You may need to adjust your bank statement balance for transactions you recorded in your books that aren’t reflected on your bank statement. This may be due to transactions taking place too close to the statement date.
Two types of transactions that show up in your books but not your bank statement include:
- Deposits in transit
- Outstanding checks
Deposits in transit
Deposits in transit are checks your business received and recorded in your books but they aren’t reflected in your bank statement until the following month.
You might have accepted checks on the closing date of the bank statement and recorded them in your books. But if you deposited the checks later in the day, the transaction would not appear on the statement. Instead, it will appear on the next bank statement.
Increase the bank statement balance by the total deposits in transits. That way, the bank statement reflects the amount of cash in your account.
Outstanding checks are checks you wrote and recorded in your books, but they aren’t reflected in your bank statement until the following month.
If you wrote checks in recent days before the bank issued the statement, they might not have cleared the bank. But if you recorded them in your books, your records and bank statement won’t line up.
Adjust your bank statement to reflect the outstanding checks. Subtract the outstanding check amounts from the bank statement balance.
Adjust your business records
If your bank statement includes items you didn’t record in your books, you must adjust your records.
Types of transactions that show up in your bank statement but not your books include:
- Bank service fees
- NSF checks
- Interest earned
- Errors of omission
Bank service fees
Bank service fees are fees your bank charges that may appear on your bank statement but not in your books.
The bank charges you fees for processing your checking account activities. You may get fees for:
- Accepting deposits
- Electronic transfers
- ATM withdrawals
- Debit card transactions
- Stop payment orders
The bank deducts fees from your bank statement balance. But, you have not recorded the bank fees in your check register.
You need to adjust your books to correspond with the bank statement. Subtract bank fees from your books to match the bank statement balance.
NSF checks are checks you wrote that the recipient couldn’t cash because your account’s funds are too low. You may have recorded these in your business records, but your bank statement won’t reflect them because the check returns to you.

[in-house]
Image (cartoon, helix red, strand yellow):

Your bank decreases your checking account by the amount of the NSF check (plus a fee). The deduction shows up on your bank statement.
Adjust your books to match the NSF check on the bank statement. Subtract the amount of the NSF check and the fees from your books.
Interest earned is interest that accrues on your bank account balance. The amount (generally insignificant, but enough to throw off your books) appears on your bank statement but not in your books.
Adjust your books to reflect the interest earned on your bank statement.
Errors of omission
Errors of omission happen when a transaction occurs, but you forget to record it in your books.
If an authorized transaction shows up on your bank statement (aka isn’t fraudulent), adjust your books to match the bank statement record. But if you see a suspicious charge that you can’t verify, contact your bank immediately.
3. Compare your adjusted balances
After you adjust your bank statement and business records, compare the balances. At this point, the two balances should be the same amount.
If the sums are different, go through each entry to find the discrepancy. Mark each verified entry as you go. Double-check each adjustment to make sure you document every transaction in both records. Your bank can help you find and correct errors if you need further help.
Once the balances match, they should reflect an accurate, current picture of your bank account balance. And voila! You’ve eliminated surprises due to mismatched records.
This article was updated from its original publication date of February 18, 2015.This is not intended as legal advice; for more information, please click here.